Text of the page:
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ENGL 100 Prof. Cross: Bogeys, Monsters, Ghosts & More: La Llorona

This is a course guide for Prof. Cross's research and writing assignment

La Llorona

La Llorona

For a number of reasons, La Llorona is one of the trickier mythological characters to research. However, researching La Llorona is great practice for the types of research you'll be doing when you transfer and enroll in upper division courses. Don't hesitate to contact a Librarian for help!  

  • Perez, Domino Renee. There was a Woman: La Llorona from Folklore to Popular CultureThis is a scholarly book, a secondary source; it's not available as an e-book, but you can check out the print copy from Skyline College Library. See below.
  • Cisneros, SandraWoman Hollering Creek. See below. While the Library does not own an e-book edition, you can get it on Amazon (Kindle) for about $10. (You don't need to own a Kindle -- you can use the free app to read the book on whatever device you are using).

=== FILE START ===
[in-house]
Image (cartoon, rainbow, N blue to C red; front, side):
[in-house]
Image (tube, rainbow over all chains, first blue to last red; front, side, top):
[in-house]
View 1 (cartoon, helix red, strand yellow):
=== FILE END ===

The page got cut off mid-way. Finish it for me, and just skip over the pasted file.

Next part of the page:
• If you're able to read in Spanish, the e-book edition of Woman Hollering Creek is usually available through the Peninsula Library System. If you don't have one, you can get a free library card, even if you don't live in San Mateo County.
  • Lastly, there is Cecilia Donohue's book of literary criticism, Sandra Cisneros's Woman Hollering Creek. See below.

Diversity, Equity & Inclusion (DEI) E-Book Collection (ProQuest)

There are many additional sources that discuss and analyze the La Llorona myth in the Library's DEI e-book database. Use your OneLogin credentials to get started, or Ask a Librarian for help. 

Audio Resources

"La Llorona's Sacred Waters" on 24th and York in the Mission District, San Francisco. (Karma Camilleeon / Flickr)

Search Google Scholar

Ask a Librarian

Not sure where to start?